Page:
Business owners in downtown Gordonsville view the addition of Champion’s Ice House as a positive development that likely will bring in more tourists and much-needed revenue heading into yet another uncertain economic year amid the COVID-19 pandemic.

“There’s been a lot of damage due to the disease,” said Dr. Sunnie Capelle, owner of The Nathaniel Inn on Main Street. “Stores have really struggled with revenue, especially early on in the spring.”

Anthony Herring, owner of Well Hung Vineyard Restaurant, is optimistic that places like his establishment and the Ice House can benefit from each other.

“I can see people going to Ice House and having fried chicken and a beer but also walking up to Well Hung Vineyard and having a glass of wine and a dessert,” Herring said. “So, I don’t see this as a competition whatsoever.”

The downtown stretch of Gordonsville is known for its walkability and accessible shops, something that has helped the town stay busy even during COVID-19 restrictions.

“During the summer, we had a lot of travelers that found Gordonsville to be a very safe place,” said Beate Casati, owner of Cavallo Gallery.

Capelle, Herring and Casati formed an LLC called Main Street Events at the beginning of 2020 before the pandemic hit and began a First Fridays event series in the summer. The group also hosted an Independence Day celebration and a fall festival. Both events were held with virus safety precautions in place.

Herring said the group, the Gordonsville town government and other members of the community are hopeful that Champion Ice House can provide a spark to get business in Gordonsville booming again.

“I haven’t talked to anyone who wasn’t looking forward to Champion opening in Gordonsville,” Capelle said. “A merchant, citizen or tourist alike.”

Debbie Kendall, Gordonsville’s town manager, said she looks forward to smart growth and ways to bring in more travelers to the area.

“Our Town Council very much wants Gordonsville to be a destination,” Kendall said. “Every day, thousands of people drive through our town — we want them to have reasons to stop. Slowly and surely, our downtown is filling in with establishments that give people a reason to come to town. Champion Ice House will be a wonderful addition to what Gordonsville has to offer, and it will carry on the tradition of Memorial Hall as a gathering place for the community.”

This sentiment was echoed by Liz Samra, a member of Gordonsville’s Town Council who praised the architects hired by Stony Point, Stoneking Von Storch, for paying close attention to the period details when renovating Memorial Hall.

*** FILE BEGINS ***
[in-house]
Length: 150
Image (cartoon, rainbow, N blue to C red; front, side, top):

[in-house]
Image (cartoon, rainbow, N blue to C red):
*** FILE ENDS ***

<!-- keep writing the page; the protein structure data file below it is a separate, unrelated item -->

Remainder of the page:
“Historic buildings are so much a part of the character and charm of our community,” Samra said. “I really appreciate their efforts to preserve our history.”

Samra said that although Gordonsville has suffered from the COVID-19 economic downturn, the town has still received a noticeable amount of consideration from developers.

“I have been surprised at all the business interest that has been percolating during the pandemic,” Samra said. “When we talk to people, the thing that they seem to have missed most, as we’ve been quarantined, is the opportunity to gather together.”

The ability to share a meal and drink with neighbors, family and friends is a top priority for Hartman.

“Gordonsville is an authentic small town,” Hartman said.

Construction on the Ice House began in February and it was slated to open this past fall. Hartman said the team wanted to wait until the spring for warmer weather and in hopes that COVID-19 will be under better control. He said the building renovation process has run into relatively few setbacks.

“It’s been pretty seamless,” Hartman said. “The only roadblock that we had was some issues with the foundation. It needed to literally be rebuilt. That’s really it. It’s a good building.”

“One thing that we learned [at the now-closed Champion in Richmond], while we were excited about the location and the space itself, it didn’t have the two things that made our Charlottesville location successful, which was parking and outdoor seating,” Smith said, saying the Gordonsville location checks both of the boxes that Richmond didn’t have.